Nuget 1.6 is released along with breaking changes

First for some back ground. I’ve found the development story of creating nuget packages to be a bit rough. This is the development story I’ve come up with. In the root of my solutions that will build nuget packages I place Nuget.exe the command line executable. (I commit this to hg and keep it in solution)

Following that any project that needs to build itself as a package, I create a nugget.cmd in the project root. This is an example of what my nugget.cmd would look like:

_ SOLUTION_\Nuget.exe pack _ PROJECT_\myProj.csproj -Configuration Release -Verbose -OutputDirectory .\bin\

This works very well as I can right click the project from the solution explorer and Open Command Prompt then just run nugget.cmd. I believe Open Command Prompt  comes from the PowerCommands for VS VSIX extension.

Enter today, I updated the Nuget.exe to 1.6 using “Nuget.exe update” went to run my nugget.cmd and was presented with:

Unknown option: ‘-Configuration’

The migration path to this is to update your build scripts to behave as:

Nuget.exe pack _ PROJECT_\myProj.csproj  -Build -Verbose -OutputDirectory .\bin\ -Properties Configuration=Release

Another breaking change that I encountered is if you use the replacement tokens with nuget such that your nuspec file contains

<id>$id$</id>
<version>$version$</version>
<authors>$author$</authors>
<owners>$author$</owners>

The $version$ property will no longer properly read your AssemblyInfo version attribute. After upgrading to 1.6 and building my project it would just result in 1.0 instead of the correct version. I had to set the specific version in the nuspec file to overcome this. I opened issue #1777 on Codeplex for nuget about this as this seems like a bug.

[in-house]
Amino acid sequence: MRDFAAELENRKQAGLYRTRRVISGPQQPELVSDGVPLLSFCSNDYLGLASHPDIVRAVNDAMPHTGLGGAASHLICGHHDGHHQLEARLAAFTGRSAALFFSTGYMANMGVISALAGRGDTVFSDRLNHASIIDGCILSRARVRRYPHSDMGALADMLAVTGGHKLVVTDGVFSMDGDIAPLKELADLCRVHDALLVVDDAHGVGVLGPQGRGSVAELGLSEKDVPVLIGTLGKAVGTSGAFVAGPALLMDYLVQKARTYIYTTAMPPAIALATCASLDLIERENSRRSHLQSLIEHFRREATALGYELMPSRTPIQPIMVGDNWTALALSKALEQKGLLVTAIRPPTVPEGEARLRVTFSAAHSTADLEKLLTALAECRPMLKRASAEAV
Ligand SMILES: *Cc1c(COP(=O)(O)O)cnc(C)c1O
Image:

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Donut Output Caching in ASP.NET MVC 3

Came across this today, Donut Output Caching in ASP.NET MVC 3. This project seems to solve all of the problems that you would encounter with ASP.NET built in OutputCache if you attempted to use it with MVC3. The builtin output cache is very unhelpful for real world MVC applications.

PM> Install-Package MvcDonutCaching

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Lync sign in error – personal certificate

So today I sat down at my chair at work and saw I was signed out from Lync. We use office365 (it is hotness) here at work, and was rather perplexed with the error message “Cannot sign in to Lync There was a problem acquiring a personal certificate required to sign in. If the problem continues, contact your support team.”

Called microsoft, and the answer was an extremely strange one but very trivial.

Click the gear to open options, on the personal tab, click advanced, set it to manual.

In the internal/external host addresses enter: sipdir.online.lync.com:443

Connect, all should go well.

Click the drop down next to the gear, file, sign out.

Click the gear, personal, advanced, set it back to automatic.

Sign in and the problem for me atleast was resolved.

Hopefully I’ll save some of you out there on the interwebs the 20 minute support phone call with Microsoft and just fix it yourselves. As to why this occurred, my only guess is Microsoft updated some SSL certificate or host IP that didn’t perk through properly for everyone where connecting to the server directly caused the SSL to refresh…. or something. I always love the or something answers.

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Elmah.MVC nuget

I figured since I haven’t been writing much I’m better off posting microblog posts instead of nothing. I came across this package today, Elmah.MVC by @alexbeletsky.

This made things so trivial to setup with Elmah. This is how I will configure all of my future MVC3 applications with Elmah as it takes literally 1 minute now.

(assuming the Nuget package manager console)

PM> Install-Package elmah.xml